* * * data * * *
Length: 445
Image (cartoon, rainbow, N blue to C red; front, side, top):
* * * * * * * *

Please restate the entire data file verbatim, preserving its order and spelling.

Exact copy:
Length: 445
Image (cartoon, rainbow, N blue to C red; front, side, top):